On any given day, Immigration and Customs Enforcement keeps at least 34,000 immigrants locked up while they wait for their cases to be heard in immigration court. Many of these detainees are incarcerated not because they are dangerous or likely to skip their court dates, but because ICE must meet an arbitrary quota set by Congress. This quota, which is often referred to as the “detention-bed mandate,” is a disgrace and should be eliminated.
The quota is written into the federal law that appropriates funding for ICE. Congress requires the agency to “maintain a level of not less than 34,000 detention beds” at any given time. The quota was first enacted in 2007, and it appears yet again in the 2015 appropriations bill currently pending in the House of Representatives.
The quota is unprecedented. No other federal or state agency is required by law to detain a specific number of people without any regard to whether the quota makes sense from a law-enforcement perspective. Indeed, the quota is so excessive that it has been criticized by the very immigration authorities charged with enforcing it. At a congressional hearing in April 2013, then–Homeland Security Secretary Janet Napolitano argued that ICE should be detaining people “according to public-safety threats, level of offense…ot an arbitrary bed number.”
For the 2015 fiscal year, the Department of Homeland Security has asked Congress to lower the quota to 30,539 beds. But even that number is too high: immigration detainees have not been convicted of any crime, and many are eventually released and allowed to stay in this country. They should not be languishing for months—sometimes even years—in detention facilities. Detainees who are considered a flight risk can be outfitted instead with electronic ankle bracelets, which are a cheaper and more humane means of ensuring that they will show up for their hearings. Incarceration should be reserved for threats to public safety or national security, as determined by the DHS. Congress should not be setting a quota at all.
The persistence of this detainee quota is less surprising in light of the fact that for-profit private prisons hold more than half of all immigration detainees. When I was the district attorney of Manhattan, my goal was to lower our case load by reducing crime. But private-prison companies have no incentive to keep immigrants out of detention, because these companies get paid per bed. Even a small reduction in the quota would be a hit to their bottom line. That is why they have poured money into campaign contributions and lobbying efforts. One private-prison company, for instance, spent more than $13 million between 2005 and 2013 on lobbying.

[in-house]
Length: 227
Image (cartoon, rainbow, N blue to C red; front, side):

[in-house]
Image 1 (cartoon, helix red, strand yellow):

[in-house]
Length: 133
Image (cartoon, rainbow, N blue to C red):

Immigrant detention has become a huge business. It costs a staggering $2 billion a year to incarcerate enough people to satisfy the quota—a figure that represents approximately 40 percent of ICE’s $5.3 billion budget for fiscal year 2014. Put another way, the cost of the quota is equal to the entire annual budget of the Drug Enforcement Administration.
As a policy matter, spending so much money on detaining immigrants is foolish because detention does nothing to reduce the number of people who flee to the United States in search of a better life. People are less likely to leave their own country when they see its economy improving and their quality of life rising. Indeed, a significant portion of the $3.7 billion that President Obama recently requested for detention facilities and border police to counter the flow of unaccompanied children from Central America—as well as some of the $2 billion that goes to detain immigrants—could be used more intelligently on resources to support and improve life in struggling countries like El Salvador, Guatemala and Honduras. We must strike a better balance between spending on necessary border security and on equally essential aid to these countries.
I have been trying hard to raise awareness of the detainee quota because, as I’ve discovered, many people do not even know that it exists. Because of this fact, the quota has so far managed to avoid public outrage and continue in existence, thanks mainly to the money and efforts of self-interested private-prison operators and right-wing advocates of treating immigrants harshly.
However, the public’s blissful ignorance regarding the quota does not excuse Congress from doing the right thing and getting rid of it. Eliminating the detention-bed mandate would not require expert draftsmanship or lengthy hearings: the House and Senate could simply hold an up-or-down vote on whether to strip it from the 2015 appropriations bill.
Until Congress ends the detainee quota, law enforcement should simply ignore it. There are serious doubts about the legality and constitutionality of forcing ICE to detain 34,000 people irrespective of whether the agency believes that it can justify each detention. All three branches of government are responsible for interpreting and upholding the Constitution, including the executive branch. This means that DHS officials, lawyers and immigration judges have both the legal and moral obligation to avoid enforcing the detainee quota.